Dasatinib may improve diabetes symptoms compared to contemporary diabetic treatments and may be considered for novel diabetic therapy usage.
A plethora of compounds that eliminate aged, non-proliferating cells termed senescent cells are currently at our disposal – at least in animals like mice. But finding out whether they work in humans has remained, for the most part, unexplored. One senolytic agent with anticancer properties, dasatinib, has been shown to prevent obesity in mice, likely by eliminating senescent cells. Since obesity drives type 2 diabetes, researchers have sought to find whether the senolytic dasatinib can improve signs of type 2 diabetes, like elevated blood sugars, in humans.
Pignolo and colleagues from the Mayo Clinic published in Mayo Clinic Proceedings showing that dasatinib taken orally may provide antidiabetic effects in people with type 2 diabetes, comparable to current treatments for diabetes. The Rochester-based team analyzed dasatinib’s effects in type II diabetes patients with a predisposition to cancer and found that the senolytic significantly diminishes the sugar glucose in the blood. The research team compared dasatinib’s antidiabetic effects to a weaker senolytic called imatinib to show that dasatinib’s influence on the age-related disease comes from its potential senolytic properties.
“This study was really the first proof-of-concept that a senolytic drug may have substantial long-term beneficial effects in humans,” said Dr. Pignolo in a press release on the study.
To analyze dasatinib’s possible antidiabetes properties, the Mayo Clinic researchers used diabetes patients examined for approximately 26 years — from January 1994 through December 2019. To measure how strong dasatinib’s possible effects are, they split the diabetes patients into two groups – one treated with dasatinib and another treated with a weak senolytic called imatinib. Pignolo and colleagues then looked at hemoglobin A1C, a measurement of sugars in the blood and levels of glucose in the blood as shown by serum glucose concentrations.
The research team got some intriguing results. For example, compared to the diabetic patient group that received imatinib, those receiving dasatinib had a significant drop in serum glucose concentration of 43.7 mg/dL (P=.005). The lowered serum glucose levels in the dasatinib group facilitated a trend toward less insulin required for their diabetes (P=.08 with 28.8 fewer total daily insulin units). The lowered serum glucose in the dasatinib group occurred in the context of a 4.8 kg (~10.6 pounds) weight loss. A statistical analysis suggested that the weight loss accounted for 19.2% of the 43.7 mg/dL dip in serum glucose concentrations in the diabetes patients treated with dasatinib.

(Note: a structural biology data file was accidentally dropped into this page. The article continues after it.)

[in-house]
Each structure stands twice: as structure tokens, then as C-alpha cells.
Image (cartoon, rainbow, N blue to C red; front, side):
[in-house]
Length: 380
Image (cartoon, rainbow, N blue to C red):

Hemoglobin A1C blood sugar measurements indicated that, relative to imatinib, dasatinib-treated patients had a significant reduction in blood sugars (P=.05). This finding correlated to the diabetes patients requiring less insulin — 18.2 daily units of insulin less per day (P=.16) in the setting of 5.9 kg (~13 pounds) of weight loss.
“Our findings suggest that dasatinib or related senolytic drugs may become novel diabetic therapeutics,” said Pignolo and colleagues. “More study is needed to determine whether these findings also are observed in patients with type 2 diabetes mellitus but without underlying malignant disease.”
Future studies need to determine whether these benefits translate to diabetes patients without a predisposition to cancer (underlying malignant disease). Research also needs to unravel whether dasatinib’s antidiabetic effects are due to its ability to prune and eliminate aged, non-proliferating senescent cells. If dasatinib does, in fact, provide these benefits, combining it with other senolytics like quercetin may enhance dasatinib’s capabilities in combating diabetes.
Fisetin may be another senolytic that patients can use in combination with dasatinib. This natural flavonoid has been shown to have similar benefits to dasatinib and quercetin in mice with an aging disease (progeroid mice).
“If the glycemic benefit of dasatinib is indeed through senescence clearance, fisetin is an attractive alternative senolytic in future clinical trials,” said Pignolo and colleagues. So, another perspective is that the supplement fisetin on its own could provide a more cost-effective means of combating diabetes. A problem with this view is that no clinical trials showing that fisetin works in diabetes patients have been completed.
Whatever the case may be, the future looks good for applying new therapeutics like dasatinib or fisetin for use against diabetes. The results show that dasatinib likely works against diabetes, at least in diabetes patients with underlying malignant disease. As the old adage goes, “I think we’re onto something.”